“We don’t get involved in criminal cases where the veteran already has court-appointed counsel or in any cases against the VA or other entities that represent a conflict of interest for our firm,” said Leibman, who noted that “many of the cases don’t involve a great amount of money, but it’s important to the veteran and they need it. Many veterans just need someone to help them facilitate communications with the other side or act as a referee.”
Since launching its ‘Lyons VA Clinic’ three years ago, the Fox Rothschild team has handled more than 200 veterans’ matters and pursued relief of some kind, from preparing letters to making court appearances on behalf of their clients. “We find that once a veteran has legal representation, it formalizes things quickly — the other party now knows that someone’s fighting for the vet and the conversation changes dramatically,” he said.
According to Mark Correale, veteran justice outreach specialist for the VA New Jersey Health Care System, “several hundred veterans have received advice and counsel from staff at various law firms, including Fox Rothschild, during pro-bono legal clinics offered at the Lyons Campus. Many veterans don’t know where to turn for help and some are fearful of seeking assistance due to cost, inability to pay, or fear of being taken into custody and losing benefits.
Since the Department of Veterans Affairs (VA) can’t provide legal services, this service enables veterans to meet with a lawyer face-to-face in order to begin working on their legal situation in concurrence with other treatments. Overall, the partnership with these firms greatly enhances the services offered to our veterans in New Jersey.”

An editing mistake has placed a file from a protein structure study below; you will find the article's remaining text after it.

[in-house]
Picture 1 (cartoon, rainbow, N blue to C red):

Meeting with a range of veterans of all ages who are grappling with a variety of different issues — from homelessness and dependency problems to PTSD and family-related situations — “it’s about the small encounters and trying to make the world better for each person we engage,” Leibman said. “These men and women have done a great service for us, so we feel that the least we can do is listen to their problems and try to fix them.”
“The fact that there was somebody there to help me through a situation that I wasn’t able to address on my own was invaluable,” Palmer said of the year-long assistance he received from Leibman, who kept the process organized for his client and personally reached out to him to remind him of court dates and other important matters. “If vets like me don’t have this kind of help, things can just go from bad to untenable. I’m very grateful for what Alain did and the time he took on my behalf at no cost.”
“The legal team was very knowledgeable and did an outstanding job,” agreed Burch, who successfully adopted his three grandchildren between 2012 and 2014 thanks to the legal support he received from Rohrberger and whose 18-year-old grandson is currently preparing to enter the military.
“Veterans need firms like these to represent them in an honest way. It’s a wonderful program and the lawyers truly do it from the heart,” Burch said. “We give them 110 percent praise for what they did for us and would recommend them to anyone.”
Leibman said he’s been overwhelmed by the exceptional group of veterans he’s met through the program and the sincere gratitude they’ve extended. “It’s been rewarding for us both as a firm as well as for each one of us who’s had the privilege of participating and we’re dedicated to shining a light on a population that’s often underserved and underappreciated,” he said.
“The veterans we work with are extremely appreciative and we get wonderful expressions of thanks for what we do,” Leibman added. “They’ll say ‘thank you so much,’ to which we always say ‘thank you.’ We just want them to leave the experience feeling that someone cares.”
To reach the VA’s Lyons campus at 151 Knollcroft Road in the Lyons section of Bernards or to inquire about the free Lyons VA Legal Clinics, call (908) 647-0180 or visit www.newjersey.va.gov.